The short answer is yes.
Before you get sidetracked with cooking up catchy one-liners, however, it is important that you understand the difference between a mission statement and a tagline. If you truly have an interest in consumer loyalty as you market your brand, it is vital that you start with the fundamentals.
A mission statement is a formal summary of the aims and values of a company or organization. The goal of your mission statement is to really get down to the values of why your business does what it does. In this process, avoid simply defining what your product is, and zero in on the problems it solves or solutions it provides.
Your mission statement isn’t just important for your customer, but also your employees and other stakeholders. In the best case scenario, it will also extend to include how your business can impact your community or world. Here are five important aspects to include when drafting yours:
Defined Core Values
If possible, include your employees and stakeholders in this part of the process to really narrow down on your brand’s mission.
A Clear Understanding of Your Customers
Define your “buyer persona”. Understand who the buyer is, what their lives look like, and how they make decisions in order to craft messages that will effectively capture their attention.
Know the Problem You Want to Solve
Is your aim to help people save time in their busy lives, or are you hoping to protect turtles in Indonesia? Be clear about what you want to achieve as a brand.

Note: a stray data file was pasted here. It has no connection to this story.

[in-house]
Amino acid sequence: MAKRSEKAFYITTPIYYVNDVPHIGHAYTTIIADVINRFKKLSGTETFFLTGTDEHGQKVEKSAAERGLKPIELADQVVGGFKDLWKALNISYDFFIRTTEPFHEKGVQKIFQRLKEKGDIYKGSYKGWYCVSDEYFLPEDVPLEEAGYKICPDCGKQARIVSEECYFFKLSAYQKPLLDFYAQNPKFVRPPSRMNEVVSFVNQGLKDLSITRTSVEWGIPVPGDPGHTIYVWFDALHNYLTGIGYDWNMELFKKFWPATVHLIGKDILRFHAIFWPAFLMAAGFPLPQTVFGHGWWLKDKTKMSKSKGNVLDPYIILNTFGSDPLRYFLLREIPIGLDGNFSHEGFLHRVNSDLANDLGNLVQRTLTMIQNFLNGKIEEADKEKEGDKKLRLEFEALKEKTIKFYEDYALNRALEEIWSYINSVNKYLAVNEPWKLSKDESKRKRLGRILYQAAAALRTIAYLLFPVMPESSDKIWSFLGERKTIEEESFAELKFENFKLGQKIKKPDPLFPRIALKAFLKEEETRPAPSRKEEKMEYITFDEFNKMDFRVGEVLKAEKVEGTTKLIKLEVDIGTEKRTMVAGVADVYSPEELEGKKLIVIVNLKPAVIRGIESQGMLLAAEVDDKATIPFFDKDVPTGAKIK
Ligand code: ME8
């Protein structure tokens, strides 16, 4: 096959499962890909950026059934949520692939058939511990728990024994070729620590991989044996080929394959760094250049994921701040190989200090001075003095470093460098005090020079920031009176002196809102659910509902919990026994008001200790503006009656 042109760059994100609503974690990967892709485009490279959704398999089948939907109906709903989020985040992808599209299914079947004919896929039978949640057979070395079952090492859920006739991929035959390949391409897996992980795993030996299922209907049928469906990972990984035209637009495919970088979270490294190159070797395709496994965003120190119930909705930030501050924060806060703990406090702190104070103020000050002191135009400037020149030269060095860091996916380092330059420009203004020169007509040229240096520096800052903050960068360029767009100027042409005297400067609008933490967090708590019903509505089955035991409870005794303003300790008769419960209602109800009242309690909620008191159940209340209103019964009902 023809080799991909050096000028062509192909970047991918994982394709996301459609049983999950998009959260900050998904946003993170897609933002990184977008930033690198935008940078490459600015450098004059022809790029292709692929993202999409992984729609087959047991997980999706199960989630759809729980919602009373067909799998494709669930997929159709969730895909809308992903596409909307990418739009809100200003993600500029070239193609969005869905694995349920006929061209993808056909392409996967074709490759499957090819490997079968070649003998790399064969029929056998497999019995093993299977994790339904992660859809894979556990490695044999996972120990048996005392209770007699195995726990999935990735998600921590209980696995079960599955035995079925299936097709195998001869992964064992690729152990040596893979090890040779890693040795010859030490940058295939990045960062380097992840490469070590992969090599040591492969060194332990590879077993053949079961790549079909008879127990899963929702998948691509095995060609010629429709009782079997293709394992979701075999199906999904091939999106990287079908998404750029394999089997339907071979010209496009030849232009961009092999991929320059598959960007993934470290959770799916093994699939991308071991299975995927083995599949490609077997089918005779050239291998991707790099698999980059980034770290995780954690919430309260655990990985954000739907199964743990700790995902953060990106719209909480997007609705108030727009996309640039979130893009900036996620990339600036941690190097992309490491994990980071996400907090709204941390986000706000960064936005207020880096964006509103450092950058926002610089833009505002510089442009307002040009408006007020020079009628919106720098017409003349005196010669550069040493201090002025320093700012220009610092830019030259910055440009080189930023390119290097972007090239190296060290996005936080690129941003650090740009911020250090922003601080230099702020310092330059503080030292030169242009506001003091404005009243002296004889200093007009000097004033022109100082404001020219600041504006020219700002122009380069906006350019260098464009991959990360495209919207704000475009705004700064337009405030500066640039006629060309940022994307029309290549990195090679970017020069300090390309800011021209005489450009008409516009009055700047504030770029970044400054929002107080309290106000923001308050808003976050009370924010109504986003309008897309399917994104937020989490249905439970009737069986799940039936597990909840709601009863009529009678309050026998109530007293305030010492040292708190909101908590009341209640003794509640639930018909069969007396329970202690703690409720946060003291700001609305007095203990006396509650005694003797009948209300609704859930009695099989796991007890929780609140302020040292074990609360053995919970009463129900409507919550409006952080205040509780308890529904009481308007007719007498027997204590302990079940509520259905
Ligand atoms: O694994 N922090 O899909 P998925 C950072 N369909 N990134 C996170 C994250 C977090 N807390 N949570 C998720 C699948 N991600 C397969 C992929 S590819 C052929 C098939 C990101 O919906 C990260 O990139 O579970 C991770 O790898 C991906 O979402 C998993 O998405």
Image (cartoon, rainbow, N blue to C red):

Know Your Story
Your story is your way to distinguish your brand from your competitors and must be authentic and meaningful. Be specific, and avoid inflated, flowery or broad language.
Walk the Talk
The best brands strive to combine emotional and logic-based elements into a single experience, and even the best mission statement means nothing if your customer experience can’t live up to it.
A tagline, on the other hand, is a concise and catchy sentence that conveys your brand’s value proposition to existing and potential customers. Now that you have defined your mission statement, start to build your tagline from what you articulated in the process above. This part requires a bit more creative flair: you’re aiming to deliver a complex emotional concept, yet remain lighthearted and fun.
Here are six characteristics of a good tagline:
● Differentiates the brand
● Imparts positive feelings
● Focuses on product benefits, not features
● Upbeat language
● Brand recognition
The good news for small brands is that you don’t need to be a huge company to have a great tagline or mission statement. Define both with deliberation, and take your time getting it right.